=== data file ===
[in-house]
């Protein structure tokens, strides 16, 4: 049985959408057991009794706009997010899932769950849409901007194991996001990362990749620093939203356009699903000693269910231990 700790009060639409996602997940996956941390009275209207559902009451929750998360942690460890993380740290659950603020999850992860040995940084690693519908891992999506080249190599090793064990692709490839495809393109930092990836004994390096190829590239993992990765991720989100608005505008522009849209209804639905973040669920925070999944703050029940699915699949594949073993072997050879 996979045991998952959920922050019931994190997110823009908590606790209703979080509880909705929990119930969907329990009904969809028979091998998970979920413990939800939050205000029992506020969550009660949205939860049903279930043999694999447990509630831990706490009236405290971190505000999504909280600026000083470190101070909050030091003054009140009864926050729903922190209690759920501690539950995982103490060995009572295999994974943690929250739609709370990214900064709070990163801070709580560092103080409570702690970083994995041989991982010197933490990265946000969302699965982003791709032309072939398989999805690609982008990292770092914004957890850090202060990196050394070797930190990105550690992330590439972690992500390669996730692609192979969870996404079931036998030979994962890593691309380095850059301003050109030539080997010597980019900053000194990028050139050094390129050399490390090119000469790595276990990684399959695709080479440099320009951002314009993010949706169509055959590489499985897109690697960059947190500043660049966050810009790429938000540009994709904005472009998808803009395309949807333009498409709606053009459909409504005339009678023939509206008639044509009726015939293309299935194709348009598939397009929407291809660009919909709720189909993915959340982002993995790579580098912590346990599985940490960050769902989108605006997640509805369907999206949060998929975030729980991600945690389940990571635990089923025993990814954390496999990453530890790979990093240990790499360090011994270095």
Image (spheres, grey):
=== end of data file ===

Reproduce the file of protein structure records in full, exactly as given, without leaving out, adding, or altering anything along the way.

[in-house]
């Protein structure tokens, strides 16, 4: 049985959408057991009794706009997010899932769950849409901007194991996001990362990749620093939203356009699903000693269910231990 700790009060639409996602997940996956941390009275209207559902009451929750998360942690460890993380740290659950603020999850992860040995940084690693519908891992999506080249190599090793064990692709490839495809393109930092990836004994390096190829590239993992990765991720989100608005505008522009849209209804639905973040669920925070999944703050029940699915699949594949073993072997050879 996979045991998952959920922050019931994190997110823009908590606790209703979080509880909705929990119930969907329990009904969809028979091998998970979920413990939800939050205000029992506020969550009660949205939860049903279930043999694999447990509630831990706490009236405290971190505000999504909280600026000083470190101070909050030091003054009140009864926050729903922190209690759920501690539950995982103490060995009572295999994974943690929250739609709370990214900064709070990163801070709580560092103080409570702690970083994995041989991982010197933490990265946000969302699965982003791709032309072939398989999805690609982008990292770092914004957890850090202060990196050394070797930190990105550690992330590439972690992500390669996730692609192979969870996404079931036998030979994962890593691309380095850059301003050109030539080997010597980019900053000194990028050139050094390129050399490390090119000469790595276990990684399959695709080479440099320009951002314009993010949706169509055959590489499985897109690697960059947190500043660049966050810009790429938000540009994709904005472009998808803009395309949807333009498409709606053009459909409504005339009678023939509206008639044509009726015939293309299935194709348009598939397009929407291809660009919909709720189909993915959340982002993995790579580098912590346990599985940490960050769902989108605006997640509805369907999206949060998929975030729980991600945690389940990571635990089923025993990814954390496999990453530890790979990093240990790499360090011994270095």
Image (spheres, grey):